# Smoky Cogs

Thoughts on programming, life and anything else that floats through my brain

### Archive

Category: Fractals

## Plasmatic – My second Android app

Mar 2

A few days ago I blogged about my first Android app, and in that post I promised another one coming along soon. Well, it is now done.

For my second foray into Android application development, I decided to port some C# code I had previously written to draw a plasma fractal to Java.

A plasma fractal

The original code is based on a Java applet written by Justin Seyster, which I ported to C#, and modified slightly, a few years ago for another project.

I have previously blogged about the algorithm used to generate the plasma fractal itself in my series on Fractals in C#, so I won’t go into detail about how the fractal is generated here.

The application consists of three activies.

The main activity displays the generated plasma fractal, with menu options to refresh the fractal, which regenerates the fractal, and saving the image to the sdcard.

The menu also has options to launch the settings activity and the about activity.

The settings activity enables you to change the fractal type – the options being, Plasma, Cloud and Grayscale – as well as the roughness, which changes the amount of variation in the image.

The about activity merely showssome information about the application.

While, by no means, a complicated application, this app implements a fair amount of Androids basic features.

You can download the Plasmatic android package here

## Fractals in C#: The Lorentz attractor

Oct 6

The Lorenz attractor is a fractal based on the Lorenz oscillator, which is a 3-dimensional chaotic system.

Lorentz Attractor

For a full explanation on the Lorentz attractor, you can read the wikipedia article here.

The central equations needed for the Lorenz oscillator are:
dx/dt = σ(y – x)
dy/dt = x(ρ – z) – y
dz/dt = xy – βz

σ is the Prandtl number, and is usually set to 10.
ρ is the Rayleigh number and can be varied.
β is set to 8/3.

Now, drawing the Lorenz attractor in C#, we are going to iterate a fixed number of times through these equations. In the code below, ρ is set to 28, and the number of iterations to 8000.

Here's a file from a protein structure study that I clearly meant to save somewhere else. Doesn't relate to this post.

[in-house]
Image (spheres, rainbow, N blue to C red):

The code is able to draw the attractor in two dimensions or three dimensions, and the first part of the code calculates the transformations we will use later to transform the coordinates of attractor (which are in three dimensions) to screen coordinates.

We then iterate through each iteration, taking the x, y and z from the previous iteration, and running them through the Lorens oscillator equations to get our first set of derivatives.

We then add these to the previous x,y and z values, and then run them through the equations again, getting our second set of derivatives, and then add these to the x,y and z values as before. We repeat this until we get four sets of derivatives.

Once we have that we then add them together multiply by a scaling factor, and and them to x, y and z respectively.

Now that we have the new coordinates, we can plot a point at that position, applying our transformations to convert the three dimensional coordinates to screen coordinates.

You can get the full source code here.

## Fractals in C#: Newton-Rhapson fractals

Oct 5

For anyone who has studied calculus, the Newton-Rhapson method should be familiar. To those who have not, I do apologize if I lose you, but will try to make it easy.

The Newton-Rhapson method is a way to find the roots of a function using approximations.

So, for the non-maths people out there, a function is denoted by f(x) and can be any equation, for example f(x) = x^2 + 3, or f(x) = sin(x). Now, the roots of a function are defined by f(x) = 0, so it is wherever the function equals zero.

Another important concept here is the derivative f’(x). This is the rate of change of the function f(x), but by going any deeper, I know I will lose the non-maths guys, and I am sure any of you who know some maths already know about derivatives.

The Newton-Rhapson method tries to find the values of the root by approximating the root, and then iterating using the procedure a’ = a – f(a)/f’(a) where a is the approximated root, and a’ is the closer approximation. The procedure is then repeated replacing a with the new a’ value, as many times as is needed to achieve the required accuracy.

Newton Rhapson

So how the function that generates the fractal works, first we take our canvas, and iterating through each pixel in the canvas, we get x and y values, which are made up of the minimum values – which are passed as a parameter, so that we can view any part of the Cartesian space – and then add to that the column (or row) we are on multiplied by the scaling factor.

Now that we have our values we are going to pass into our function, and have set up a few values before we iterate, we start the iteration.

We keep on iterating, using the Newton-Rhapson method to find new values for x and y, and finally finished iteration when either we have reached a point where the values are as accurate as they are ever going to be, or else we have reached the amount of iterations we are going to allow.

Now that we have done that, we can select the color to draw at that particular point. We have created an array of 16 colours, and then depending on values of x and y, we use certain colours, based on the iteration in which we reached our value.